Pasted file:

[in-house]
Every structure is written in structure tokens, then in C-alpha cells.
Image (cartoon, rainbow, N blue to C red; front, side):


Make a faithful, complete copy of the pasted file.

[in-house]
Every structure is written in structure tokens, then in C-alpha cells.
Image (cartoon, rainbow, N blue to C red; front, side):